Market data including bonds and fuel prices
The fun and games in this innovative and rapidly changing sector will be well worth watching
Upgrade of outdated tobacco law on the way at last
The premier announced her cabinet after a meeting with the ANC’s deployment committee and its alliance partners
Business Day TV speaks to African Rail Industry Association CEO Mesela Nhlapo
Credit bureau sees more defaults ahead as central bank increases interest rates
The improved sentiment is a result of increased merchandise export and import volumes and more new vehicles sold, Sacci report says
The monetary policy committee increases the key policy rate to 6% from 5%
Top swimmers have a rivalry that could develop into one of SA sport’s greatestt
Former world boxing champion furious over unauthorised production
Namibia has warned that more than 268,000 doses of AstraZeneca and Pfizer Covid-19 vaccines are at risk of being destroyed, some as early as next week, due to a slow uptake by citizens.
Ben Nangombe, executive director in the health ministry, said on Thursday that 52,261 AstraZeneca vaccines will expire next Tuesday, while 215,996 Pfizer shots will be destroyed in January and February if they find no takers as vaccine hesitancy rises.
Namibia, which has started vaccinating people aged 12 to 17 with the Pfizer vaccine after the World Health Organisation (WHO) said on November 15 that it is suitable for people in that age group, has 809,414 doses available nationally.
It recorded 15 new cases on Tuesday to bring the number of active cases to 85 compared with a peak of 2,547 cases in a single day on June 24.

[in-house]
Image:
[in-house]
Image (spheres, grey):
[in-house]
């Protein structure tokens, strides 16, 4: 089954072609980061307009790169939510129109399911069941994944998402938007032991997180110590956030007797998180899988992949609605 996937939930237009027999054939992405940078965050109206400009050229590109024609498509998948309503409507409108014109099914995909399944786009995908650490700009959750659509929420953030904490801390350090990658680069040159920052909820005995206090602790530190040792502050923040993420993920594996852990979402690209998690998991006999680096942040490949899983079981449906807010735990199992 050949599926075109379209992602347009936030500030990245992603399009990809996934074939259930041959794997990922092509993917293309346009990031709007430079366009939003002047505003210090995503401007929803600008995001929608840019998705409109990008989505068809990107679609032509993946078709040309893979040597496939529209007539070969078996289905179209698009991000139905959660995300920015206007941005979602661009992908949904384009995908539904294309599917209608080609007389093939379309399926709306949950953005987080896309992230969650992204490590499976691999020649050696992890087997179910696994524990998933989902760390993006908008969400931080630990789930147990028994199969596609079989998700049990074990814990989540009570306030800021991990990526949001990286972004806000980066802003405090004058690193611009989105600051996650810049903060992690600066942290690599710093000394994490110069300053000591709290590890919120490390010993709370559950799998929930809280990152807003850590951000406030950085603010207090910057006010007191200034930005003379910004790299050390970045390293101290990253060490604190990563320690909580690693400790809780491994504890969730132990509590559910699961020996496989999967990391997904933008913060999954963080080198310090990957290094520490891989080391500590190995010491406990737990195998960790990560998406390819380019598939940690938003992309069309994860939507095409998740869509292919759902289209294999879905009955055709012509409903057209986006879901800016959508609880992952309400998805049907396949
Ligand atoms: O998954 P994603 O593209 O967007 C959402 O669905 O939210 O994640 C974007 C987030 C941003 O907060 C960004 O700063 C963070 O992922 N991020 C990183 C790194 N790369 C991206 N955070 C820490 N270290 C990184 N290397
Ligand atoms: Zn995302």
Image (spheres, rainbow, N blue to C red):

Only 298,503, or 20%, of an estimated eligible population of 1.5-million have been fully vaccinated in Namibia, with the Chinese-made Sinopharm vaccine the most used after 145,483 people received two doses since the country’s vaccination programme started in March.
The Russian-made Sputnik V vaccine has been used the least, with only 71 people fully vaccinated before its rollout was suspended on October 23, days after the drugs regulator in neighbouring SA flagged concerns about its safety for people at risk of HIV.
The SA Health Products Regulatory Authority decided against approving an emergency use application for Sputnik V after some studies suggested vaccines using the Adenovirus Type 5 vector, which Sputnik V does, can lead to higher susceptibility to HIV in men.
SA and Namibia have high HIV prevalence rates.
Would you like to comment on this article? Register (it's quick and free) or sign in now.
Please read our Comment Policy before commenting.
Published by Arena Holdings and distributed with the Financial Mail on the last Thursday of every month except December and January.